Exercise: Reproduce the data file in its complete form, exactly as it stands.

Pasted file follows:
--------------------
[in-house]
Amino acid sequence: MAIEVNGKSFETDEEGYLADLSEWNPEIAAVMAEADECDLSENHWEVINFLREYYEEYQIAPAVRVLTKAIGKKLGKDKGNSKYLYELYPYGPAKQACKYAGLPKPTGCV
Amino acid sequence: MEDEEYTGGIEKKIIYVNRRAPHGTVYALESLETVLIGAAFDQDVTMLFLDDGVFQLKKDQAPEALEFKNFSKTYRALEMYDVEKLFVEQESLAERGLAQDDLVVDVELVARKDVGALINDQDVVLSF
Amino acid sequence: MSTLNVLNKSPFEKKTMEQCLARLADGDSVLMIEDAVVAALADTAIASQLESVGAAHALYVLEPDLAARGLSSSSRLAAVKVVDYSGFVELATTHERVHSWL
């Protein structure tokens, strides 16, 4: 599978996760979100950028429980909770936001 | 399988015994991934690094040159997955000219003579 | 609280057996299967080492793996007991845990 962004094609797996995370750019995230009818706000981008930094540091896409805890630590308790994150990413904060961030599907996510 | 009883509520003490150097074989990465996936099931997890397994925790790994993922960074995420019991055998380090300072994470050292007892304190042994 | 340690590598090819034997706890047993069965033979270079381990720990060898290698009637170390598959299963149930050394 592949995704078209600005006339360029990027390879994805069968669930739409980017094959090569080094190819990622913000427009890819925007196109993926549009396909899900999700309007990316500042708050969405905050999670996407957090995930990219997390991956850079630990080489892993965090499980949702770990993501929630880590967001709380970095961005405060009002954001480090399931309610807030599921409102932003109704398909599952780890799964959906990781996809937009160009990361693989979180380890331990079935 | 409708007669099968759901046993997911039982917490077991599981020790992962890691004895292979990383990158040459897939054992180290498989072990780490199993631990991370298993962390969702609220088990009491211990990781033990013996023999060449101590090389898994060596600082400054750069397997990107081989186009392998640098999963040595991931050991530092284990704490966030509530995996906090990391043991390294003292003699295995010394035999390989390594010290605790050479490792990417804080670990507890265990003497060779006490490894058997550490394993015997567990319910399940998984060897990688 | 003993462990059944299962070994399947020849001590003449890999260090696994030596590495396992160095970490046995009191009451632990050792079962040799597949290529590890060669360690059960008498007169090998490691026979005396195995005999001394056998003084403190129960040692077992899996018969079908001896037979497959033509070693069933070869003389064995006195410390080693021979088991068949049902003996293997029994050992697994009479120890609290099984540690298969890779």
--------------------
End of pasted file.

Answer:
[in-house]
Amino acid sequence: MAIEVNGKSFETDEEGYLADLSEWNPEIAAVMAEADECDLSENHWEVINFLREYYEEYQIAPAVRVLTKAIGKKLGKDKGNSKYLYELYPYGPAKQACKYAGLPKPTGCV
Amino acid sequence: MEDEEYTGGIEKKIIYVNRRAPHGTVYALESLETVLIGAAFDQDVTMLFLDDGVFQLKKDQAPEALEFKNFSKTYRALEMYDVEKLFVEQESLAERGLAQDDLVVDVELVARKDVGALINDQDVVLSF
Amino acid sequence: MSTLNVLNKSPFEKKTMEQCLARLADGDSVLMIEDAVVAALADTAIASQLESVGAAHALYVLEPDLAARGLSSSSRLAAVKVVDYSGFVELATTHERVHSWL
């Protein structure tokens, strides 16, 4: 599978996760979100950028429980909770936001 | 399988015994991934690094040159997955000219003579 | 609280057996299967080492793996007991845990 962004094609797996995370750019995230009818706000981008930094540091896409805890630590308790994150990413904060961030599907996510 | 009883509520003490150097074989990465996936099931997890397994925790790994993922960074995420019991055998380090300072994470050292007892304190042994 | 340690590598090819034997706890047993069965033979270079381990720990060898290698009637170390598959299963149930050394 592949995704078209600005006339360029990027390879994805069968669930739409980017094959090569080094190819990622913000427009890819925007196109993926549009396909899900999700309007990316500042708050969405905050999670996407957090995930990219997390991956850079630990080489892993965090499980949702770990993501929630880590967001709380970095961005405060009002954001480090399931309610807030599921409102932003109704398909599952780890799964959906990781996809937009160009990361693989979180380890331990079935 | 409708007669099968759901046993997911039982917490077991599981020790992962890691004895292979990383990158040459897939054992180290498989072990780490199993631990991370298993962390969702609220088990009491211990990781033990013996023999060449101590090389898994060596600082400054750069397997990107081989186009392998640098999963040595991931050991530092284990704490966030509530995996906090990391043991390294003292003699295995010394035999390989390594010290605790050479490792990417804080670990507890265990003497060779006490490894058997550490394993015997567990319910399940998984060897990688 | 003993462990059944299962070994399947020849001590003449890999260090696994030596590495396992160095970490046995009191009451632990050792079962040799597949290529590890060669360690059960008498007169090998490691026979005396195995005999001394056998003084403190129960040692077992899996018969079908001896037979497959033509070693069933070869003389064995006195410390080693021979088991068949049902003996293997029994050992697994009479120890609290099984540690298969890779």